Many times in writing our projects do not have a strong enough inciting incident to effectively kick off the narrative. During this webcast we will look at moments everything changed for our protagonists and they were launched on their journey. Every event that happens subsequently will be traced back to this one monumental event. We will examine the inciting incidents of films as well as television shows and explain how they changed the world in an irreversible way. Examples include films such as Monsters Inc., Saving Private Ryan, "The Sopranos," "Breaking Bad," and more!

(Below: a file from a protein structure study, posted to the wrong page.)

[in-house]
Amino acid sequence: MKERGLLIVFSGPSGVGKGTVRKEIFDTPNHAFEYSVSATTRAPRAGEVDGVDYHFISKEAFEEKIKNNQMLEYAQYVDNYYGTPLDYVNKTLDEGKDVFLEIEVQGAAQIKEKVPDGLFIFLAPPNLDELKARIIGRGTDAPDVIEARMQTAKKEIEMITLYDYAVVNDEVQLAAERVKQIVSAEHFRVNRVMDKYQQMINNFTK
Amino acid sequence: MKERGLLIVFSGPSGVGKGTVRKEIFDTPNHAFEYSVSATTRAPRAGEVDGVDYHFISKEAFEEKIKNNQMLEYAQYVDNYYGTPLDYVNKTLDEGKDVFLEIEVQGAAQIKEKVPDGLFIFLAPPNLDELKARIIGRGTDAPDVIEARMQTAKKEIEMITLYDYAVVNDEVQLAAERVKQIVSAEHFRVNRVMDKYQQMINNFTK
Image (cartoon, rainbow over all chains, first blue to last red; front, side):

Stage 32 and Vail Film Festival have joined forces to bring you an exclusive FREE virtual Q&A with top female filmmakers from the festival! Now, no matter where you live in the world you can tune in! The 2020 Vail Film Festival took place online from May 15-17, and had a special focus on female filmmakers. In addition to film screenings, the festival included filmmaker Q&A sessions, a filmmaking workshop, and a women in film panel discussion featuring leading female producers, actors, and directors. The 2020 film program will showcase narrative features, documentaries, short films, and student films. This year's lineup includes films starring Simon Pegg, Annette Bening, Juno Temple, Alexandra Daddario, Wendie Malick, Danny Trejo, Maggie Siff, Sabrina Carpenter, Natalie Zea, Jay Mohr, Jason Ritter, Kristen Vangsness, Rose McIver, and more. The lineup for the 2020 Vail Film Festival is unparalleled, and we encourage Stage 32 members to attend the virtual festival and support their fellow filmmakers. As part of our partnership, Vail Film Festival is offering Stage 32 members an exclusive 25% off discount on all-access passes to the online festival. Stage 32 members can use the code stage32 at checkout. For more info and to purchase a pass to the online Vail Film Festival please visit: www.vailfilmfestival.com